When collusion occurs between the entities submitting tenders, the result is winning bids that are above the level that would prevail in the absence of collusion . For example, in an instance where the market price may have beeen US$100,000, for four conspire to allow one to submit a bid of US$150,000 while the others submit higher bids. In doing so, the body inviting the tenders pays a significantly higher cost, while the winner would have receive rents of US$50,000. The colluding firms then take turns submitting the "winning" bids.
  • Exclusionary Vertical Restrictions (or Restricting the Activities of Those Lower in the Production Chain)
Vertical Relationships are defined as the interactions existing between persons operating at various points of the production chain. An example of a Exclusionary Vertical Restriction, would be a dominant firm seeking to prevent its distributors from carrying a competitors product. The firm may attempt to do so in order to avoid have to lower its price or raise its quality in response to competitive offerings.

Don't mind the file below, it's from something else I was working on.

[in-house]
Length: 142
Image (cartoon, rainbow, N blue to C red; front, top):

Mittal SA, an South African steel company with a subsidiary in Trinidad and tOBAGO (ISPAT), was manipulating the supply of flat steel products on the domestic market in order to reduce the supply so that the price could remain at a pre-determined level. In order to so do, the firm sold to key merchants as a reduced price on the condition that the steel had to be used for certain purposes and could not be offered for resale. In September of 2007, Mittal SA was fined US$95.9 million and ordered to discontinue its non-competitive practices.
  • Conferring a Competitive Advantage to One Party Over Another byTreating Parties Engaged in Similar Commercial Transactions Unequally
Price differentiation is only allowed on the basis of quantity, quality and other similar trading conditions, not to different customers or categories of customer. Firms are not allowed to give a subsidiary a better price than it gives to a rival of its subsidiary. An example of this would be the case of BRC in Barbados who were found in breach of the Fair Trading Competition Act, for engaging in price discrimination and price maintenance. BRC cooperated with the Commission to become compliant.